Young Love

'Moonrise Kingdom' shows Wes Anderson at his Wes Anderson best

I have a message for all of the film critics calling for director Wes Anderson to change his style and make movies "differently": Shut the hell up. He has a signature style that is all his own, and I couldn't love it more. All you haters can go watch some Michael Bay films.

As for Moonrise Kingdom, Anderson's return to live action after the wonderful Fantastic Mr. Fox, we get the most "Wes Anderson" of all the Wes Anderson movies. It's also one of the year's best films.

Every shot is seen through Anderson's abstract, surreal, just-plain-odd eye, and the way he views the world remains highly entertaining. Co-written with Roman Coppola, Moonrise Kingdom contains all of the Anderson signatures: odd musical choices, tableau shot setups and the trademark slow-motion cast walk.

It's funny: I want to jump into the screen when Michael Bay does his slow-motion cast walks and trip all of the actors. Yet when Anderson does the same thing, I can't get enough of it.

The story here is set in 1965, and Sam the Khaki Scout (newcomer Jared Gilman) has flown the coop during a camping expedition, worrying Scout Master Ward (Edward Norton, in his funniest performance yet). Sam runs away with Suzy (Kara Hayward, also a newcomer), and they have themselves a romantic couple of days while parents and authority figures frantically search for them.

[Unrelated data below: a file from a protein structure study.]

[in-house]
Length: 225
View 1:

The puppy-love story is treated with the sort of storybook grace one would expect from Anderson. Sam and Suzy's dance in their underwear on the beach is a thing to behold, as is their courageous stand against a pack of Khaki Scouts looking to capture the missing duo and return them to Scout Master Ward. The aftermath of the Khaki Scout attack is classic Anderson.

As for the authority figures, there are Walt and Laura Bishop (Bill Murray and Frances McDormand), Suzy's messed-up parents. Murray is always at his best in the land of Anderson, and this film is no exception; nobody plays comically cranky and confused like Murray. And McDormand has a bathroom scene with Hayward that might be her best piece of acting since Fargo.

Then there's Bruce Willis as the sympathetic and sad police officer who is heading up the search for the children. Willis, an Anderson first-timer, has a nice return to grace after a bad streak that included Cop Out and some straight-to-video fare. Norton kills it as the by-the-numbers scoutmaster who, despite all of his efforts to earnestly take care of his kids, often has a lit cigarette hanging out of his mouth while just a few feet away from them.

There are many moments in this movie that are among my favorites of 2012. In one scene, a member of the Khaki Scouts has a change of heart while hanging out in their treehouse, delivering a rousing speech to his fellow scouts—despite the fact that a big chunk of their shelter collapses during his delivery. It's just one of those great moments that only Anderson could come up with. And let it be said that no movie since Caddyshack has utilized the dreaded lightning strike with such comedic success.

If you aren't an Anderson fan, this movie won't enthrall you. But if you are an Anderson fan, prepare to fall madly in love with this film.

Please, Mr. Anderson, ignore all the dummies asking you to make a Wes Anderson movie that isn't a Wes Anderson movie. Your style is yours all alone, and if you were to diverge from it, I just might cry.

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